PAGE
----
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      Accountability grading system for Valley schools set to change

      Beginning on August 8th, 2013, the Texas Education Agency will implement new ratings under the 2013 state accountability system.

      Schools will no longer be rated Exemplary, Recognized, Acceptable or Unacceptable, instead they will receive one of the following new ratings: Met Standard, Met Alternative Standard and Improvement Required.

      The state is using what's called a performance index framework to generate the rating based off the following 4 categories: student achievement, student progress, closing performance gaps and post secondary readiness which is for grades 9-12 only.

      Tony Limon, superintendent for the San Benito Consolidated Independent School District, believes the new system is a step in the right direction.

      "We're going to have a system now that puts some value on progress the students are making instead of just taking an absolute score and comparing it with other districts," he said.

      One example is with the category called Student Progress.

      It provides the opportunity for minority driven campuses to show improvements made independent of overall achievement level, according to the state.

      That could bode well for school districts in the Rio Grande Valley.

      For instance, Miller Jordan Middle School is one of two campuses in the San Benito CISD with an academically Unacceptable rating.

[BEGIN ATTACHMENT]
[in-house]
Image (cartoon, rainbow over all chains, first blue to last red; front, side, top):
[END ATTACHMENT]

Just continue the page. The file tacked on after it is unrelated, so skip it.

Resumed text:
The superintendent says it's been frozen that way for the last two years because of the drop-out rate.

      But under the new system, this school could benefit from the changes in benchmarks on progress, according to Limon.

      "An apple-to-apple true comparison... let's take a look at the demographics and let's compare equal demographics," he said. "And I think this will allow us to do that and it will show the progress our students are making."

      The second phase of the accountability system won't roll out until 2014.

      That's when the grading system will change once again to letter form, where just like students, schools will receive an A thru F grade.

      Superintendent Limon says a letter grade for schools will further simplify the assessment process for parents and taxpayers.

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